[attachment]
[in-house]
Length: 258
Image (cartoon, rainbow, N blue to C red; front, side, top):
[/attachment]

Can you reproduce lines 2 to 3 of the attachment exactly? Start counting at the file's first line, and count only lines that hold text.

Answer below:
Length: 258
Image (cartoon, rainbow, N blue to C red; front, side, top):